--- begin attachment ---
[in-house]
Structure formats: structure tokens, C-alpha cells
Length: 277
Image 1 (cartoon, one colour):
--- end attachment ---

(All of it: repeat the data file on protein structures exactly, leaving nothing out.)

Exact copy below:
[in-house]
Structure formats: structure tokens, C-alpha cells
Length: 277
Image 1 (cartoon, one colour):